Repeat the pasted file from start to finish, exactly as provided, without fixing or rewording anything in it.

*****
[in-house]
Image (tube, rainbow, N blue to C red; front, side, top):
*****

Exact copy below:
[in-house]
Image (tube, rainbow, N blue to C red; front, side, top):